The following article was written by Kim Stone-Vilim, CPA. Kim is the Accountants Program Manager at All Risks, Ltd. in Geneva IL. She can be reached at firstname.lastname@example.org.Insightful lessons can be learned by reviewing professional liability issues. With this in mind, Gallagher Affinity provides this column for your review. For more information about liability issues, contact Irene Walton at email@example.com.
Do you have difficult clients that don’t fit into your firm strategy or culture? Do you regularly debate whether or not you should continue the client relationship? This is a question CPA firms should ponder on a regular basis – ideally every six months, but annually at a minimum.
Client screening is an often-overlooked risk management tool. Reviewing your client list to identify thorny engagements can often prevent future problems. Here are a few ideas to keep in mind during your client review process.
First, consider client behavior. Is the client chronically late in getting required documents to you? Is the record keeping sloppy; is information withheld; are payments late? Does the client treat your staff poorly? Do they try to manipulate you into taking aggressive positions you are not comfortable with? These are all red flags that could lead to future issues.
Also consider possible conflicts of interest when reviewing the client list. Does your firm hold interest in or invest with any clients? This can be troublesome if investments fail or relationships sour. Other problem scenarios can include bankruptcies, mergers, divorcing clients, and trustee work. When reviewing for potential conflicts of interest, consider the perspective of outside parties such as other owners, beneficiaries, spouses, and lenders. Anything that may be perceived as impairing your objectivity could put the firm in a difficult situation.
When examining your client list, be sure to keep in mind changes to your clients’ businesses. Has a client purchased another business? Are any having financial difficulties? Do any clients want to go public? Then ask yourself if you have the staff and expertise to properly service these new facets. Continuing to serve a client in an area in which you are not skilled almost always leads to future problems.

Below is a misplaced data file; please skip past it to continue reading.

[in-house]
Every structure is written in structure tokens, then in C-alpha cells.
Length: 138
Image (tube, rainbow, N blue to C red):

Your firm, too, may have experienced changes. Partners retire, managers move on, and firms merge. These changes also require a review to ensure that existing staff have the necessary skills and expertise to continue servicing all clients. Maybe you decide you no longer want to perform a certain type of service or you want to expand the practice in another area; review your client list to see if existing engagements still fit your firm’s profile.
After you screen your list, you may decide there are some clients that you no longer want to service. The decision to terminate a client relationship is never an easy one. However, trying to accommodate difficult clients or working outside your expertise will make you vulnerable to a lawsuit. It also takes time away from finding new clients and focusing on the profitable areas of the firm.
Disengagement should always be done in writing and in the most positive way possible. Do not let personal feelings play a part in your disengagement letter; it could antagonize the client. The disengagement letter should state that you are formally ending your relationship with the client as of a specific date. It is not necessary to give a detailed explanation for the resignation. You can simply state that you no longer feel your firm is a good fit professionally for that client.
The letter should also include a list of all materials that you will be returning to the client and the current status of any open items, such as tax extensions. Advise the client that you will work with any new accounting professional whom they employ to make the transition as smooth as possible.
You can include a statement about monies owed to your firm for past work, but realize that you might not receive payment if your client is upset about the disengagement.
As a final safeguard, be sure to have the client sign and date the letter confirming that they received the return of all of their original documents and that you no longer have any responsibility to perform ongoing work for them.
Disengagement is never pleasant. But when handled professionally, it can be beneficial to both you and the client. You can proceed with growing your firm in the direction you see fit, and the client is free to find another CPA who is able and eager to meet their needs. As an added benefit, it just might help you both avoid a lawsuit.
Reprinted with permission from the Pennsylvania CPA Journal, a publication of the Pennsylvania Institute of Certified Public Accountants.